When I walk out of our room and into the hallway I’m greeted with a picture of Amelia when she was just minutes old, then as I walk into the living room (presumably to read a book) there are three different pictures of her scattered throughout, five if you count our family pictures. Wherever I go, there she is.
But she isn’t.
As we lay in bed talking about Amelia I shared with Chanel how I think about Amelia everyday. But of course I do, what parent in their right mind wouldn’t? Sometimes though, when I think of her it’s like I’m thinking of someone else’s baby. My physical memories of her have faded to just a few, if even that many. We have videos and pictures of course, but now my memories are of the videos and not the actual event.
So I shared that with Chanel then told her how other times it’s all I can do to keep from crying when I think about her. I’ll be sitting at my desk at work fighting back tears because a little memory of her crossed my mind. Or I’ll happen to think of her smiling face while I’m driving and my chest will begin to feel like it’s going to explode from how much pain and heartache there is.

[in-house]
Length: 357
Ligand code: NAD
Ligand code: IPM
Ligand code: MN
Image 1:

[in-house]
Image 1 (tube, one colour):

Last night, and this morning, was one of those times. On my way to work I was praying then it ended with me talking out loud to Amelia. Not praying to her, that’s weird, but talking to her. I just told her how much I miss her, how much I wish I could feel her hand on my face once more, and how much I miss the noises she would make. It’s a hard reality to face, the fact that I will never again on this earth hold her in my arms. For several months after she died I would wake up in the middle of the night to the cry of a baby and I would think that someone brought her back from the hospital to us. It happened at least a dozen times, it felt so real each time, but then every time I would come crashing back to the reality that she wouldn’t be coming back. She’d never be back. And how silly is that to begin with? I watched her breathe her final breath in my wife’s arms so I know it’s impossible for her to come back home as if she was on some trip and decided to come back like the prodigal son. It’s silly right?